The Electoral Commission has officially recognised the formation of the Newport Independents Party / Plaid Annibynol Casnewydd. The party is now on the Great Britain register of political parties in Wales in a move that the party describes as a ‘historic moment that will change the face of local authority politics’.

While figures are still being finalised, the Newport Independents Party hopes to stand 15 candidates at the forthcoming local council elections in May. If the party secures 11 seats it will replace the Conservatives as the second largest group within the council.

Speaking about the achievement, founding member Kevin Whitehead, who represents the Bettws ward of the city said “This is truly a historic moment for local authority politics.

“There is a growing appreciation of independent council representatives both here in Newport and across the UK, and a desire for more independence from stale party politics. However, that appreciation is also tempered by a belief that independent councillors traditionally have very little influence within council.

“That has unfortunately historically been true as the practical reality is that councils are skewed in favour of political parties, and against independents.

“When I became a councillor five years ago I quickly realised that independent councillors cannot be appointed to any groups or committees within council. On the day of the swearing in ceremony I stopped proceedings to ask the Law and Standards officer whether I could form a group with other independent councillors. He had a quick conversation with the Chief Executive and agreed that I could. That move allowed us to appoint each other to groups and committees within council, and was the genesis of the Newport Independents Party that has been officially recognised today.

“Forming the independent group has allowed our councillors to be appointed to a number of groups including the Learning, Caring and Leisure committee, the Licensing committee, Community Planning, and Streetscene committee. So while we are truly independent, we certainly do have influence.”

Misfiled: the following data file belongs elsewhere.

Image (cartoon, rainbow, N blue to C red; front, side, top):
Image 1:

The fundamental distinction between the Newport Independents Party and other parties is that it does not operate a whip and includes councillors, candidates and members from across the political spectrum. This allows their councillors freedom to truly represent their wards in the way their electorate wants.

Newport Independents Party member Chris Evans has represented the Rogerstone ward since 2012, initially as a Labour party member. He became independent in 2016 and joined the independent group at the council. “Newport Independent Party members, candidates or councillors aren’t obliged to put the party first, as is the case with other political parties. This is very important. From the perspective of the wards and voters it truly offers a ‘best-of-both-worlds’ alternative of independence and influence.

“Newport, like many local authorities, has been stifled for too long by the whip of party politics that puts Westminster and the interests of national parties over the interests of local communities. We are set to change that and shake up the Labour and Conservative Cosy Club that believes it is immovable.

“Feedback from communities has shown that we are doing the right thing. We are also getting a lot of interest from councillors and members of other political parties who are clearly fed up of being hand-tied by their parties and are not allowed to represent their wards in a way their consciences tell them they should. The Newport Independents Party will welcome anybody who feels this way.

“We have a lot of very talented people in our ranks and we are confident that the party will grow and go from strength to strength. We see this as a key moment in the long-term challenge of removing national party politics from local authority, where it has no place.”

According to figures provided by the Head of the Independent Group Office of the Local Government Association, there are approximately 2500 LGA Independent Group councillors across England and Wales. The number of councils either controlled by a member of the group in full, or in part where there is no overall control is 26 in England (three are fully independent led, the rest are no overall control) and eight in Wales (two are fully led by independents).

The Newport Independents Party received confirmation from the Electoral Commission on Friday 17th March 2017.

Issue date: Monday 20th March 2017

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Posted on

April 5, 2017